A couple of months ago, the medical center that is part of the university I attend got a hold of my name and mailing address and sent me a letter saying they were conducting a study on women to see if being screened for cervical cancer in a clinical setting (you go in – they give you an exam) or having folks test themselves with new technology (you stay home – they give you a home exam kit) would be more convenient and effective — or something of that sort. I would have to participate in both types of exams. I thought about it for a sec back when I received the letter and said ‘Sure. What the heck?’ I was due for an exam anyway, and they would pay me — up to two or three hundred bucks. I thought that even though I had never scraped my own cervix before there was no time to learn like the present, so I called in, found out I qualified and made the appointment — which was to happen just the other day — except I didn’t show up to it.
I really started thinking that I didn’t research this project like I should have done before the day arrived that I was to go. I thought about how Black women and Women of Color have been used as guinea pigs and test subjects to ‘research new services’ and realized that I was en route to, in several ways, make myself very vulnerable to such a legacy, if I went to this medical center and went through with this project. Even though this research was not specifically geared towards Black women I also thought about the idea that I would more than likely be physically, socially and mentally positioned in front of a white woman — and I’m not keen on being ‘material’ — on my back and having a white woman stare down my naked body while she went out of her way to make it appear that she’s ‘used’ to seeing a Black woman’s yoni. That’s a classic. Believe it or not, I also thought about Henrietta Lacks and her story that I read — I think it was the year before last. Even though there are differences, and she wasn’t a research subject to begin with, per se, and I can’t say what I learned about her was the driving force behind why I chose not to go through with the exam, her story, along with Harriet Washington’s book Medical Apartheid also came to mind about how Black people have been experimented on. I know that many would believe that there are differences here in people who have been involved in research, voluntarily or involuntarily. Some would say the fact that I’m actually ‘literate’ in that I simply can read and have a multitude of opportunities to educate myself and understand what exactly the research entails, means there is a huge difference — that it’s not the same. Also, that even though the extra cash would be great, at this point I’m not starving nor do I have to feed a family with it, and so that means that I am not making a decision out of desperation — I was actually going to put any money I received upfront to offset the cost of a plane ticket because I plan on visiting my friend on the east coast this summer.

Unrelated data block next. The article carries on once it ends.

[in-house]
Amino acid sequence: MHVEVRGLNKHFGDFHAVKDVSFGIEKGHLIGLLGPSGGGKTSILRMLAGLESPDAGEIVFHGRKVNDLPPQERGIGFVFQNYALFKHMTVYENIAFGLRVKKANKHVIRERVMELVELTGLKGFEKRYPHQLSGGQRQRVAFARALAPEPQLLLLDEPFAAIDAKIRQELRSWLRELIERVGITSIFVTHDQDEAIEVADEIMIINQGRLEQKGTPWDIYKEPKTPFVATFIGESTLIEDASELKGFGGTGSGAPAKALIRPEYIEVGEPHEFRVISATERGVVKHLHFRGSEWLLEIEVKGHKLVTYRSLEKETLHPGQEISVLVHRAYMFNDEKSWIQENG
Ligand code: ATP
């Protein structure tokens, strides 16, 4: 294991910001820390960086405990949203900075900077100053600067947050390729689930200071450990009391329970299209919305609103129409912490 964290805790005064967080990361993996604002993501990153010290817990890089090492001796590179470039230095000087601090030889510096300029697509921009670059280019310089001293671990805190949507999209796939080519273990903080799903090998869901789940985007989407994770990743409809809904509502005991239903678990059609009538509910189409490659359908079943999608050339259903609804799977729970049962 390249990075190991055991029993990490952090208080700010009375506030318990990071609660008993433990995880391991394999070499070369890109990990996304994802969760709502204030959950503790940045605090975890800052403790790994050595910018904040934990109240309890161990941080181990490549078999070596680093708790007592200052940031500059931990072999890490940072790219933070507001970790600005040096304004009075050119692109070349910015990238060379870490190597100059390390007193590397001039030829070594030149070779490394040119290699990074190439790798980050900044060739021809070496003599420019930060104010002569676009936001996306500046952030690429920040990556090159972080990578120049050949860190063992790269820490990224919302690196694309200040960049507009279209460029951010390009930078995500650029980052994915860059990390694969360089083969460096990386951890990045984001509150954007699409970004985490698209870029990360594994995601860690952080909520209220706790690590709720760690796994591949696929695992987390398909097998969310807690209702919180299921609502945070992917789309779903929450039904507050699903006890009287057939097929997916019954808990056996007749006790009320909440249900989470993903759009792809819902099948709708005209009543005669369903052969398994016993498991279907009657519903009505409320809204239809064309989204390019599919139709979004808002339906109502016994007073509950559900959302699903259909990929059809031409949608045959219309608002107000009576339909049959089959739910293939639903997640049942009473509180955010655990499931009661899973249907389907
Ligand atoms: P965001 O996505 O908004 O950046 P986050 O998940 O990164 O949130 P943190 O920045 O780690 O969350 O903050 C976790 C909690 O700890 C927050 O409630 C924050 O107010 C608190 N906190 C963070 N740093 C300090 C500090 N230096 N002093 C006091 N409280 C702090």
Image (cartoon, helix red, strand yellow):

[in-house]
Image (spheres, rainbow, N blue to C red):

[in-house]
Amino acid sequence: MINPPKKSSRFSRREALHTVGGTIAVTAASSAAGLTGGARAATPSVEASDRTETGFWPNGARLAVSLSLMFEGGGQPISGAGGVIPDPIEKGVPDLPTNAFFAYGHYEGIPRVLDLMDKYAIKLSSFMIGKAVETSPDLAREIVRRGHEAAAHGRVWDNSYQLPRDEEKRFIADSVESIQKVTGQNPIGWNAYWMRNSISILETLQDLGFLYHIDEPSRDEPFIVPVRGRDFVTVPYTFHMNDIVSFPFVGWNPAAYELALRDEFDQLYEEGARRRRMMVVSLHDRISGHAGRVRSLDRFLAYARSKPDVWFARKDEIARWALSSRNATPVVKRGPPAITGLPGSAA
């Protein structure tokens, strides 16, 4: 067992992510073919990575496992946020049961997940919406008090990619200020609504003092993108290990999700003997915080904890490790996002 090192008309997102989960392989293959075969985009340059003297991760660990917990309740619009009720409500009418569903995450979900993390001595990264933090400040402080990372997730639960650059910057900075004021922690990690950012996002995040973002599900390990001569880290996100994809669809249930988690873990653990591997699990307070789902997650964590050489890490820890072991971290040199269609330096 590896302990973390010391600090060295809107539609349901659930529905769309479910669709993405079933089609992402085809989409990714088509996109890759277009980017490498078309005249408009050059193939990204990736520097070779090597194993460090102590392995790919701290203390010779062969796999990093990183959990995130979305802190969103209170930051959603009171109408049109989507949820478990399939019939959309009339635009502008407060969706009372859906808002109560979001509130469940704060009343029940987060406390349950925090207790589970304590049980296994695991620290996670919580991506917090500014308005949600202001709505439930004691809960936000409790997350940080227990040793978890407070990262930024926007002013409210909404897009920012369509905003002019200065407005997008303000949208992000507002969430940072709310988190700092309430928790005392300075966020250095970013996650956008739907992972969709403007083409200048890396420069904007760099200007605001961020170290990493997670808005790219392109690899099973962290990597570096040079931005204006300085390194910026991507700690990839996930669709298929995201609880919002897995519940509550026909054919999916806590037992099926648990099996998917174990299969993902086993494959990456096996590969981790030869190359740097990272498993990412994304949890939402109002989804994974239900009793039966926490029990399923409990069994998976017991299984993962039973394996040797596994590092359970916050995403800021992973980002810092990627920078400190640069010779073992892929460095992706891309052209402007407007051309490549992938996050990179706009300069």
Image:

I never got around to talking to my sisters about this — specifically my oldest and little sister. If I had, I’m almost certain that my little one would tell me I’m going overboard, as usual and roll her eyes before asking if everything has to be a protest — and that I should ‘stop being so suspicious.’ My oldest one would no doubt say that I would be participating in something that could ‘create opportunities for others’ — helping out — so that women who can’t get to or who don’t go to the Dr. for whatever reasons would be able to have home exam kits mailed to them, potentially saving lives. I know that there are huge discrepancies in many women’s access to medical care and even their ability in getting to the Dr.
To be honest I’ve been too busy to process my true feelings about it completely. All I know is that being a Black woman and a research subject began to bother me enough that I didn’t feel bad about skipping out on my appointment, which I initially fully intended on going to after my classes, and went so far as to get ready for it (I wore knee-high socks that day). For now, though, I figure I would just go on my own to the Dr. outside a research- type setting, and that would (almost inevitably) be my way of speaking to this legacy. And like I said I should have researched it more before I made a decision anyway. But at this point, that’s me.
What about you — what do you think? What would you have done?